satisfy the predicate).
Let’s look at this abbreviation scheme for a universe of natural numbers. I will use ‘natural numbers’ to
refer to the ‘counting numbers’ or positive integers beginning with 1:
U: {1,2,3 …} G : a is odd H : a is negative. L : a is less than b. a: 1
We could use this abbreviation scheme to interpret such sentences as:
x(Gx ~Hx) No odd numbers are negative.
~x(Gx L(xa)) No odd number is less than 1.
x(Gx yL(xy)) Every odd number is less than some number.
xyz(L(xy) L(yz) L(xz)) If one number is less then a second and the second is less
than a third, then the first is less than the third.
PHL 245 Unit 7: Interpretations and Models 1
Niko Scharer Extension and Meaning:
What does ‘dog’ mean?
One way to give the meaning of ‘dog’ is the intension or sense of the word (often the dictionary meaning):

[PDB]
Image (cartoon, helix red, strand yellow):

A domesticated carnivorous mammal of the genus, Canis, related to foxes and wolves.
But this is probably not the way that you learned what it meant! Most people learn the meaning of words like
‘dog’ and ‘cat’ through ostensive definitions: having examples pointed out to you.
The extension of the word ‘dog’ is all of those things that you might point at when giving an ostensive
definition (all dogs!) That gives us another way of giving the meaning of a word: dog means…
…
The extension of the word dogs includes all of those types of things!
Indeed, if we want to know whether a dictionary definition is a good one, we can check if it captures the
meaning in the sense of the extension.
Chair: A piece of furniture used for sitting on.
Is this a good definition?
No. It is too broad. It picks out couches, benches and stools. The extension of the word
“chair” does not include such things.
Chair: A piece of furniture used for sitting on, normally for seating one person, with a back, legs
and a seat.
Is this a good definition?
No. Now it is too narrow. The extension of the word “chair” includes things that don’t have
legs – hanging chairs, some rocking chairs, etc.
The relation between the extension of a word and the ‘intension’ or sense of the word (what the dictionary
definition is trying to capture) is more complicated than you might think, and philosophically fascinating!